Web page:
As people look more to real-time entertainment and social networks, web browsing is on the decline everywhere, except in Europe – the only part of the world, according to the study, that also saw a decline year-over-year in P2P traffic.
Real-time entertainment is the largest contributor to data consumption in North America on both fixed and mobile networks, accounting for 43% of peak period traffic on the former and 41% on the latter. This is up from 30% less than a year ago. And as we’ve reported here before, Netflix alone constitutes more than 20% of downstream traffic during that time-frame.
P2P file-sharing remains popular in North America, but it has seen a dramatic decline on mobile networks. Even so, it still accounts for a whopping 53.3% of upstream capacity on fixed networks. In other words, we leave our PCs on at home for P2P, and don’t bother with file-sharing on our smartphones.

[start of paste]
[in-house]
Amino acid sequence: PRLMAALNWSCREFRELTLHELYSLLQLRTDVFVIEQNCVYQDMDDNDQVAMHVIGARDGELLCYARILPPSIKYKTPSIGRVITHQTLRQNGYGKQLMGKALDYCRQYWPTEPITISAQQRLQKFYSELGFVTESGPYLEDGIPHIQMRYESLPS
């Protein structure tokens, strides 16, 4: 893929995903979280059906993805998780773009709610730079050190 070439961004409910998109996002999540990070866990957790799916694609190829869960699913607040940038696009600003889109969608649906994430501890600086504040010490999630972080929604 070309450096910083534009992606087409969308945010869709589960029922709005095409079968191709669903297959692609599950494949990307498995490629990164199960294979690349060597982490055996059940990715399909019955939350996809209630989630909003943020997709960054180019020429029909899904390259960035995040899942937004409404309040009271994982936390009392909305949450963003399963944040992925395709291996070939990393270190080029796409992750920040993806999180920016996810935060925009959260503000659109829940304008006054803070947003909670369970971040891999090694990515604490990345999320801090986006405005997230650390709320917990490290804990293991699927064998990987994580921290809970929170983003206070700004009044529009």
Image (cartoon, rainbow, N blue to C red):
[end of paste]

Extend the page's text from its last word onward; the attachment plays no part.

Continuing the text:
Although Latin America still has a relatively low level of Internet penetration, many new subscribers are opting for mobile, rather than fixed network access. Unlike the North America market, where these two methods of accessing seem to lead to slightly different Internet usage, in Latin America Internet users seem to behave similarly whether they’re wireless or wired.
The median monthly data consumption in this region occurring over fixed networks is roughly 12 GB. That’s compared with about 4 GB per month in North America.
The top four applications driving European upstream traffic are BitTorrent (30%), HTTP (23%), PPLive (12%), and Skype (9%). The latter is significantly higher than in North America and the Asia-Pacific, where Skype is roughly 3% of upstream traffic.
Photo credits: NASA Goddard Space Flight Center
If you would like to learn more about the real-time Web, check out our premium report, The Real-Time Web and its Future, to give you a jump-start in this new direction the Web is moving in.